Good Practices

A strict and innovative punishment

Ilustra Boas práticasDANIEL BUENOThe National Science Foundation (NSF), the leading United States agency that supports basic research, has adopted a strict and unusual rule to end an investigation into scientific misconduct. To resolve an episode that had dragged on for 12 years, the foundation declared the authors of an article on the process of nanoparticle synthesis published in the journal Science in 2004 ineligible to apply for future NSF financing. This, despite considering that the authors were not guilty of misconduct. An investigation did show, however, that they had violated an agency rule, which is to report all significant findings. According to the NSF, the process in question could not be reproduced by other researchers because the authors had omitted data that would permit replication of results.

The NSF also broke new ground by opening a path for the punished authors, three researchers from North Carolina State University (NCSU). They could regain eligibility for financing provided they send Science a letter reporting the problems and including the omitted data. The authors did that and rehabilitated themselves with the NSF, but the journal opted to retract the original paper instead of publishing the letter because its editors believed that the omissions compromised the integrity of the article. The decision attracted attention because, in most cases in which misconduct is proven after NSF investigation, authors face suspension of federal financing for a limited period of time, and the article is canceled. In cases considered to be less serious, like the one in question, the punishment tends to be moderate.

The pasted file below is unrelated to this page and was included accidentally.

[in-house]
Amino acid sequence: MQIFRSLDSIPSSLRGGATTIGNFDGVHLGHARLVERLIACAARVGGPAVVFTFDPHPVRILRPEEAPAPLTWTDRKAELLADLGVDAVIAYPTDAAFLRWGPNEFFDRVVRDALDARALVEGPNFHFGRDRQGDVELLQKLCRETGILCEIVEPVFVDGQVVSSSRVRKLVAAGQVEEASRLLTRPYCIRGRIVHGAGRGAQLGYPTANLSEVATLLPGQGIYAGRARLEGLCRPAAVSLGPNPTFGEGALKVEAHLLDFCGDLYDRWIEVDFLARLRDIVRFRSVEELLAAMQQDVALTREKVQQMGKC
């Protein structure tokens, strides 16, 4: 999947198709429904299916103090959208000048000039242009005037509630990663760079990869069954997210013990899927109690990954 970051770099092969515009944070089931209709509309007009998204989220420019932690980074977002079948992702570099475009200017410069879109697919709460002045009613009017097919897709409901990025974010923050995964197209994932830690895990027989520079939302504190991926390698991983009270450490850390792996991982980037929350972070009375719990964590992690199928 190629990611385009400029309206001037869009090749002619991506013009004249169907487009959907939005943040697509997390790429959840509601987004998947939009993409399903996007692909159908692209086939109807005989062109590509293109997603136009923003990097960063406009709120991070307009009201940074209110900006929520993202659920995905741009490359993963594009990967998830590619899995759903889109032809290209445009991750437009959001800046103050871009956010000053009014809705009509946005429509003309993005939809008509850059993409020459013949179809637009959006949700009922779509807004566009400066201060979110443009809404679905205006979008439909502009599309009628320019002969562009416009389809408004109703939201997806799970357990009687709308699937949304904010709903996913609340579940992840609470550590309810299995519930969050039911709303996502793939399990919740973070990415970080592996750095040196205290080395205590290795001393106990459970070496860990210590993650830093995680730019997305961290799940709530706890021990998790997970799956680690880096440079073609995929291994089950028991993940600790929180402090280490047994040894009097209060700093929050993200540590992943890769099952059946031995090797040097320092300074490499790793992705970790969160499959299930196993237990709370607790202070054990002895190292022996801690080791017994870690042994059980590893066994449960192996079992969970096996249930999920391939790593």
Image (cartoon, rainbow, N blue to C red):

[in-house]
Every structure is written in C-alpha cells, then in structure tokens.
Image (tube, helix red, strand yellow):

In 2006, an NCSU researcher had tried to reproduce a study on nanoparticle synthesis published two years earlier by Lina Gugliotti, Daniel Feldheim, and Bruce Eaton, who were affiliated with the university at the time. The attempt failed and the possibility of misconduct was raised. In 2008, an investigation by NCSU concluded that the electronic microscopy experiments used to study particle formation had not been performed correctly. At about the same time, the University of Colorado had also examined the case, but found nothing wrong with the research. The impasse led the NSF, which had financed the study, to investigate. It reached the conclusion that the authors had omitted important data from the article. On the Chemical & Engineering News website Bruce Eaton, co-author of the paper, challenged the decision by Science to retract the article instead of correcting it. “I know the nanoparticles described in the work are reproducible,” he said.